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Edwards slams Dean again for Confederate remark

Sen. John Edwards talks Sunday to the media after appearing on NBC's
Sen. John Edwards talks Sunday to the media after appearing on NBC's "Meet the Press."

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(CNN) -- Democratic presidential candidate John Edwards called rival Howard Dean's Confederate flag remark elitist, and Edwards, Rep. Dick Gephardt and Sen. John Kerry criticized Dean's decision to opt out of public campaign financing.

"I like him personally," Edwards said of his front-running rival on NBC's "Meet the Press," but added "He and I have had some run-ins over the last couple of weeks."

Edwards slammed Dean at the CNN's "Rock the Vote" forum last week, decrying his remark that the former Vermont governor wanted white people who have Confederate flags on their pickup trucks to return to the Democratic Party. He repeated his criticism during the "Meet the Press" interview.

Dean, who has since apologized for the remark, said he was trying to state his intention to make the party more inclusive and bring poor Southern whites back from the Republican Party to the Democratic Party.

But Democratic rivals, like Edwards, seized on the comment as condescending and even accepting of people who are racists. He said he has talked personally to Dean about his concerns.

On "Meet the Press," Edwards said the flag is a "very divisive symbol" and it is wrong to stereotype Southerners.

"It's like saying to any group of voters ... you don't know what's best for you. We know what's best for you," Edwards said. "There's an elitism and condescension associated with that attitude that's enormously dangerous to us" and that voters want to be "treated with respect."

Public funding decision criticized

Edwards also said Dean's financing decision is sending the "wrong signal" to voters. Edwards said Dean said that earlier this year, he felt strongly about all candidates staying within the system, but now that it's "advantageous" to him, he's opting out. (Full story)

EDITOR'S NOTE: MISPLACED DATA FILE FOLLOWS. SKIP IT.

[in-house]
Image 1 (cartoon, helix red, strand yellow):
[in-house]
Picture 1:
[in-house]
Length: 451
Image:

"If it's a matter of principle to operate within the campaign finance system, then we should stay within the campaign finance system and not deviate from that because a particular candidate, in this case Governor Dean, thinks it's to his advantage."

Edwards plans to stay within the campaign finance system.

President Bush has also said he would opt out of public campaign financing, and this is the first time candidates from both major parties have done so since the campaign financing law was enacted in 1976.

Gephardt, who is leading Howard Dean in a Des Moines Register poll of Iowans likely to vote in the January 19 caucuses, criticized Dean for supporting the NAFTA trade agreement and agreeing with Bush on Medicare cuts.

The only candidate not to participate in the "Rock the Vote" forum, Gephardt said Dean should have stayed with his original position on campaign financing.

"I'm going to stick with the system," Gephardt told CNN's "Late Edition with Wolf Blitzer." "Howard said before that he was going to stay with the system.

"Now when he found out that he could make a few more bucks, maybe, by forgoing the matching funds, he changed his position. You got to be consistent. You gotta stay with what you believe in and what you think is right. That's what I'm always going to do."

Kerry says he'll make a decision "over the next day or so" on whether to follow Dean in opting out of public financing, but criticized the former Vermont governor for making that decision.

"He took a position. He wrote to the Federal Election Commission, saying, 'I will obey by the law. I won't go out,' " Kerry told CBS' "Face the Nation." "He also said, only a few months ago, to all of us, before he was raising money, that he wouldn't go out and he thought it was a terrible thing if Democrats went out. Now he's changed his position."

Kerry said he doesn't think "President Bush's money was as intimidating as Governor Dean wants to believe it was, because it's mostly special-interest money."

"And I was perfectly prepared to run against that money, to point out to Americans why they don't have health care, why they don't have prescription-drug coverage, why we can't get money for our schools. And I thought that the Bush money told a remarkable story about the politics of our nation."

According to a Newsweek poll, among contenders for the Democratic presidential nomination, former Vermont Gov. Howard Dean is leading.

Sixteen percent of Democratic voters and those who lean Democratic said Dean is their first choice, while 15 percent said retired Gen. Wesley Clark is their first choice.

U.S. Rep. Dick Gephardt was third with 9 percent, followed by Sen. Joe Lieberman at 8 percent, Sen. John Kerry and Carole Moseley-Braun, a former senator, with 7 percent, Sen. John Edwards at 6 percent, activist Al Sharpton with 4 percent and U.S. Rep. Dennis Kucinich at 2 percent.

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